Controversy Growing in Turkey Over Erdogan's Massive Canal Project
By Dorian Jones January 15, 2020
Turkish President Recep Tayyip Erdogan's project to provide an alternative route to the Bosporus waterway is becoming increasingly mired in controversy.
Erdogan is presenting his "Canal Istanbul" initiative as preserving Istanbul, but environmental and financial concerns are escalating over the grandiose scheme, dubbed as the construction project of the decade.
In freezing rain, thousands of people in Istanbul queued for hours to sign a petition protesting Erdogan's canal plan.
"Channel Istanbul means the destruction of the 8,000-year-old history of Istanbul," said Suna Ustun, who said she waited four hours to register her opposition.
"It will eliminate all the city's natural water resources and already existing dams," she adds. "The huge amount of money allocated for this could be better spent on the economy, on the unemployed and education."
But Erdogan, who has even called his project "crazy," is hitting back with glitzy promotional videos that have been blitzing the media to promote the $12-billion project.
The videos highlight plans for a new city and towns on the banks of the massive sea-level channel that would provide an alternative route for ships.
"Istanbul's Bosporus is under constant threat of accidents as well as the separate political threat of the Montreux Convention," said Erdogan earlier this month at an Istanbul meeting promoting the scheme.
"Whether they want it or not, we will build Channel Istanbul!" he declared.
The 1936 Montreux treaty regulates the transit of all ships through the Bosphorus.
The straits are one of the busiest waterways in the world, used by some of the world's largest supertankers, carrying their hazardous loads just meters from the shore.
Accidents do happen, and in December, a cargo ship's steering locked and it crashed into the shore, shocking pedestrians walking on the waterfront.
"A tanker accident in 1979 [in Istanbul], tens of people lost their lives, and 100,000 tonnes of oil spread to the sea and destroyed the sea life," said Professor of Civil Engineering Mustafa Ilicali, who is a former deputy of the ruling AKP.
"There can be such an accident at any moment because of the narrow angle of turns [on the Bosporus], which are made more difficult by the strength of wind and currents, which flow both ways, and we have heavy local sea traffic."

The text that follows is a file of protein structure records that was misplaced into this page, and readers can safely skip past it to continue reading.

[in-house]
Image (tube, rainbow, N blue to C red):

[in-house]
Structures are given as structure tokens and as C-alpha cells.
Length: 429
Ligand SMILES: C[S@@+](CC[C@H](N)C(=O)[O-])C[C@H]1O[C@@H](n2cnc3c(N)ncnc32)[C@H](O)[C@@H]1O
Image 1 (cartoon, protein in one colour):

"Today's number of ships using the Bosporus is 40,000 annually. But the actual capacity of the straits is 25,000. What will happen when it rises to 75,000," he added.
Yet environmentalists warn that building a canal could destroy local water supplies and the regional ecosystem when the canal connects Marmara and Black seas, which have different salinity levels.
Istanbul's newly elected mayor, Ekrem Imamoglu, already touted as a potential challenger to Erdogan's presidency, is leading the campaign against the canal.
Imamoglu slams the canal project as both an environmental and financial disaster, claiming the real cost will be more than $75 billion.
Some analysts say a battle of wills is looming between the two political heavyweights, and the significance will extend beyond the canal project..
Transport Minister Cahit Turhan countered, claiming Monday that annual transit fees of up to a billion dollars will cover the cost of the canal.
Analysts point out, however, it's unlikely ships will pay when the Bosphorus is free – unless more significant restrictions on the use of the straits were imposed by Ankara, which likely would be considered violations of the Montreux Convention.
Experts also warn Erdogan's canal plans are likely to face growing international push-back because of fears the project could undermine the Montreux Treaty.
"For us, it [Channel Istanbul] is an artificial waterway that we are creating. This is a separate situation from Montreux regulations for the [Bosporus] Straits and for the Channel would be different," said Ilicali
It has been predicted by some that such a statement will cause alarm in Moscow.
"The Montreux Convention is of the utmost importance for them. It's a sacred cow for Russia," said former Turkish Ambassador Mithat Rende, an expert on the Convention.
The treaty strictly controls the use of the Bosphorus by warships of non-Black Sea countries, limiting the presence of the U.S. Navy in the Black Sea.
"The Russians are aware the Americans feel uneasy about the Montreux Convention," Rende added. "Because they have limited access to the Black Sea, because of the limited tonnage that each country cannot keep more 30,000 tonnes of capacity in the Black Sea for a period of 21 days only. That is a burden to America, with the situation in places like the Ukraine and Georgia."
Erdogan frequently alludes to unnamed security and strategic advantages offered by the canal. It's a reference some experts assert is an opportunity for Ankara to control the access of warships to the Black Sea.
Old naval guns outside Istanbul's Maritime museum on the Bosporus serve as a reminder of the centuries of battles for control of this crucial waterway. A new struggle appears now to be looming over the mighty canal.
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